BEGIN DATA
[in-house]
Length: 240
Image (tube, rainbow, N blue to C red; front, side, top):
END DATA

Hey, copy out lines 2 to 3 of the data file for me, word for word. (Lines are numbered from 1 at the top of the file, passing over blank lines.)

Length: 240
Image (tube, rainbow, N blue to C red; front, side, top):